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5 Job Search Tips for Executives

By Nisa Chitakasem, co-founder of Position Ignition

If you’re an executive who’s considering leaving your current position and finding a new job, it’s perfectly understandable why you might feel a little apprehensive about doing so. Since you’re at a senior level in your organisation, it’s very likely that it’s been a long time since you went through the process of finding a new job. This is because you may well have been promoted through the ranks of your current company and have therefore been with the same employer for years, if not decades. Although the nature and circumstances of job seeking in the UK have dramatically changed even in just the past few years, it’s not at all impossible for someone in your position to find a new role that you can be happy in. Here are some pointers for doing exactly that.

Update your knowledge
Get up to speed on the current recruitment market by reading articles on it and speaking with people who’ve recently been job seekers. Find out about how digital developments such as smartphones and social media have impacted upon job seeking and recruitment. Have a look around sites such as Twitter and LinkedIn for yourself to get a feel for what they’re about and how job hunters, recruiters and employers use them. Even if you really don’t feel like joining Twitter or Facebook, it’s worth getting a LinkedIn profile if you don’t already have one.

Research your target employer
Someone of your organisational seniority will be an expert on the field, sector and industry in which you work. Therefore, you probably already have ideas about which company you’d like to work for next. Give yourself the best possible chance of getting into your target organisation by researching it before you pursue it. Work your way through the site map on its website and keep tabs on its company profile on LinkedIn.

Use job boards smartly
It may well be that you don’t know who you want to work for next and you’re therefore open to discovering and applying to vacancies at any number of organisations. If this is the case, it’s easy to waste a lot of time trying to use job sites if you haven’t had much experience with them in the past. You can find yourself trawling through irrelevant vacancies for hours on end without finding anything you actually want to apply to. Avoid this by using the advanced search feature on the site to define your criteria and filter out all the job postings you’re not interested in.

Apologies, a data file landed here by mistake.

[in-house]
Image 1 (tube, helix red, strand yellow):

Look out for ‘hidden’ job openings
It’s an often quoted statistic that only 30% of job vacancies are actually advertised. Once you get to executive level, it’s very likely that this figure is even more slender. Look for the ‘hidden’ job openings by sending speculative letters to organisations you’ve researched, connecting with their employees through LinkedIn and contacting trade journalists on Twitter to ask if they know who’s hiring. You can find such journalists by using a Twitter directory like Twellow.

Use your existing network
Networking is of course a powerful tool in getting job leads, especially when it comes to hidden jobs. However, networking to this end doesn’t just involve making new contacts. Your existing network can also be of value to you, so don’t neglect it. Call up a connection you haven’t spoken to for a while to catch up on their news and tell them about your job hunting. You never know what they may come up with to help you. Check out Position Ignition’s ebook called 135 Networking Career Tips to make sure you get on top of your networking.

About the author:
Nisa Chitakasem – Founder of Position Ignition, a UK-based career consulting business helping with career change, career direction, job search and career development.

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